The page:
Living longer, more years in poor health
Life expectancy and healthy life expectancy at birth: by sex, GB
The population of Great Britain has been living longer over the past 20 years, but the extra years have not necessarily been lived in good health. Life expectancy and healthy life expectancy (expected years of life in good or fairly good health) both increased between 1981 and 2001, with life expectancy increasing at a faster rate than healthy life expectancy.
Life expectancy is higher for females than for males. In 2001 the life expectancy at birth of females was 80.4 years compared with 75.7 years for males. However, life expectancy for males has been increasing faster than for females. There was an increase of 4.8 years in male life expectancy between 1981 and 2001. For females the corresponding increase was 3.6 years.
The gap in healthy life expectancy between males and females is smaller than for total life expectancy. In 2001, healthy life expectancy at birth was 67.0 years for males and 68.8 years for females, a gap of 1.8 years.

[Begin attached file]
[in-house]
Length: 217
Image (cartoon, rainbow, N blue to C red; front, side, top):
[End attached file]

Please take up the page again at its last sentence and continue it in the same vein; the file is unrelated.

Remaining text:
The difference between life expectancy and healthy life expectancy can be regarded as an estimate of the number of years a person can expect to live in poor health. In 1981 the expected time lived in poor health for males was 6.5 years. By 2001 this had risen to 8.7 years. Females can expect to live longer in poor health than males. In 1981 the expected time lived in poor health for females was 10.1 years, rising to 11.6 years in 2001.
Sources: Government Actuary’s Department for expectation of life data. ONS for healthy life expectancy data Notes: The charts show life expectancy (LE) & healthy life expectancy (HLE) estimates based on a 3yr moving average plotted on the central year. HLE data for ‘96, ‘98 and ‘00 are unavailable because the General Household Survey (GHS) was not carried out in ‘97 and ‘99. HLE incorporates an adjustment to LE using information from survey sources for ill health to arrive at expected years of healthy life. A full description of the methodology and sources used in ONS’ calculations of HLE can be found in Health Statistics Quarterly 07. The health status ‘good’ or ‘fairly good’ is taken from the response to the GHS question 'Over the last 12 mths would you say your health has on the whole been good, fairly good or not good?' This is hence a subjective measure and the meanings attached by respondents to the categories may have changed over time due to medical advances.